Thursday, July 19

What's in a Name?

Image courtesy of
The Modern Historian
By Grant Davies

On this day (-2) in 1917, two cousins were locked in a family feud of epic proportions. So angry were they at each other that they had involved millions of their countrymen in the drama. And putting aside the millions of deaths that were occurring because of it, one of them got so mad at the other that he (gasp) changed the family name to disassociate himself from the other.

The two guys were George and Wilhelm. The former a King of England and the latter a Kaiser (the Germanic version of Caesar) of Prussia. Prussia has come to be known as Germany and the conflict has come to be known as WWI.

I spent a bunch of time reading about what caused the whole conflagration in elementary school, and quite a bit more since then, but the cause is anything but elementary to me. I have concluded that a bunch of inbred imbeciles in silly hats got pissed about some stupid thing or another and made a whole lot of their countrymen bomb, shoot, poison, and otherwise kill each other over it.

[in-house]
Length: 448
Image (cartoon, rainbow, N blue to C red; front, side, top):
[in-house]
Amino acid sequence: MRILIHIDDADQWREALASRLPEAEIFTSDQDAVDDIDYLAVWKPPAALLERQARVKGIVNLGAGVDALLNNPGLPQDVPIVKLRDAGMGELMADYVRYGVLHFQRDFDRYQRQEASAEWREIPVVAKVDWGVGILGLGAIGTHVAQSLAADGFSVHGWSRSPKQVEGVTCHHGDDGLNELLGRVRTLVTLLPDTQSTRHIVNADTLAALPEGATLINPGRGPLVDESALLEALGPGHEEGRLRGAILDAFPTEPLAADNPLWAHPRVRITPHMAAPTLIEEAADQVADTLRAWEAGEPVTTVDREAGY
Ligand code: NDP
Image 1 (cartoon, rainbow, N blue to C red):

But enough about the small indignities, this story is about the terrible result. Namely, a whole group of British royalty were forced to change the names on their credit cards - from the ones they had since Queen Victoria married Prince Albert - to Windsor, which is the name of a town near London. Just for the record, their previous name had been "The House of Saxe-Coburg and Gotha." I'm sure there is a good reason why they picked that town and name, but let's face it, it's boring so let's just move along. 

George (the fifth, if anyone's counting) was looking for a way to keep the yokels stirred up because interest in killing one another was waning as the corpses stacked up in the trenches. So he appealed to their hatred of all things German and showed his patriotism by chucking the family names of all his relatives and giving them goofy titles in compensation. Everyone fell for it and it's been the "House of Windsor" ever since. 

Later they named a men's necktie knot after it and it's the one I use to this very day. These are the kinds of things that happen when your family tree has mostly leaves and very few branches.

The inspiration for this post, and much of the information in it, came from the excellent history blog "The Modern Historian", written by Kevin Grieves.


2 comments:

  1. I have long found it amusing that England's ruling monarchy haven't been "English" in years...

    ReplyDelete
  2. "hasn't" been..someone better check *my* English!

    ReplyDelete

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